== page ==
112010 Census and ACS A Portrait of America Population countPopulation characteristicsShort form onlyIncludes short form questionsOnly long form is for U.S. territories, except PRConducted in Puerto Rico“Usual residence” rule“Current residence” rulePoint in timePeriod of timeThe ACS was developed to:-Focus the Census on improving the population count-Provide characteristic data more than once every 10 years to frame policy issuesThe 2010 Census had 1 form sent to the entire U.S. population. The form asked questions similar to those contained in previous census short forms. The 2010 Census will provide a basic count of the U.S. population, collecting only the most basic demographic and housing information.Detailed demographic, social, economic, and housing data will no longer be collected as part of the decennial census.The data that were collected from the long form sample are now produced from the American Community Survey.Usual residence is defined as the place where a person lives and sleeps most of the time.Current residence: The basic idea behind this concept is that everyone who is currently living or staying at an address for more than two months is considered a current resident of that address.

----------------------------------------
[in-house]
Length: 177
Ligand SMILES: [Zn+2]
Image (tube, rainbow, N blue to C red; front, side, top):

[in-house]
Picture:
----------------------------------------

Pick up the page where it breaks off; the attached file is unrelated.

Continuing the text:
13Data Tools A Quick Look Economic Indicators Dashboard QuickFacts County Business and Demographics MapAmerican FactFinderOther Resources
14The NEW www.census.gov Your Gateway to Census Data
15Top Navigation Bottom of the Page Both provide similar choices (or more) as the center column of the old census.gov homepageBottom of the Page
16Homepage Slider Cycles through the latest news Often links to press kitsClick “See More” for more information
17Census NewsFind the latest on news releases, data products, upcoming events and more
18Economic Indicators Dashboard Most recently released items at top13 indicators about U.S. economyClick on name for more infoUpdated quarterly or monthlyScroll down using arrow at bottomCan embed on your website